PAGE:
In its report, UBS points out that the majority of business owners don’t have much of an understanding of the process of selling a business; of what they’re in for when the time inevitably arrives. It also identifies a significant knowledge gap as to timing: 75 percent of owners believe they can sell their business in a year or less. This is on top of the 58 percent who have never had their business formally valued, and the 48 percent without exit strategies. (The UBS survey was of 2,245 high net worth investors that were or recently have been business owners.)

My friends, this is a disaster of the first order!

Stewart Kesmodel, Head of Global Family Office, Americas for UBS Global Wealth Management, explained in a press release some of the challenges of selling a business as follows. “Selling a business successfully requires a great deal of planning, which owners often underestimate. Before pursuing a sale, it is important for business owners to not only have a view on the value of their business to potential buyers, but also an understanding of how that price applies to their personal needs post-transaction.”

Did you see that part about “…which owners often underestimate”???

I would offer a clarification to the estimable Mr. Kesmodel. To wit: “…which most owners haven’t given even the first thought to!”

The Three Legs of the Exit Strategy Stool

There are many issues to consider when developing an exit strategy but they can generally be grouped in three categories: Your business’ valuation, the owner’s post-sale plans and desired lifestyle, and timing.

1) Value

Do you know what your business is worth? Of course not! If you knew what it was worth you’d be a professional business broker! Well, maybe not, but my point is that you’re running your business. You don’t have the time, knowledge, experience or resources to determine what your business is worth. You might take a guess and that guess might even be close. But even if it is close, you likely have no idea how to justify the value when negotiating with a buyer.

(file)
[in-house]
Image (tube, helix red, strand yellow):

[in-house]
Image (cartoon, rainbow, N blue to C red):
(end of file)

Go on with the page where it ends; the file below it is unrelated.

When you get a professional to value your business, you get a lengthy document – similar to an appraisal for a house or other real estate and with a lot of professional credibility behind it – that clearly shows what your business is worth and the report’s conclusions are very difficult to argue with. That does not mean that there won’t be some negotiation; there will be. But both parties will know approximately where any agreement is going to end up – at least with regard to value. (Terms are a different story.)

2) Seller’s Needs

Business is soldDo you know what you need to live on after you sell? I’d bet you don’t. Do you even know what your plans are – what you’re going to do? Not having something to transition into – even if it is simply a retirement of sitting on the porch contemplating the clouds – is a recipe for disaster on two fronts.

First, most people have to have a purpose; a reason to get up in the morning. As I’ve written about my own personal experience, it is extremely unsettling to suddenly have nothing to do after many years of running and being identified with your business.

Second, you need to know how much money you’ll need to do what you want to do or live how you want to live after the sale. Sitting on the porch contemplating the clouds requires a certain amount of money. Traveling the world on a private yacht is another story altogether.